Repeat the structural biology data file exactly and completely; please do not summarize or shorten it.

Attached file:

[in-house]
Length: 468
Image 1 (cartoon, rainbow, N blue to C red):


[in-house]
Length: 468
Image 1 (cartoon, rainbow, N blue to C red):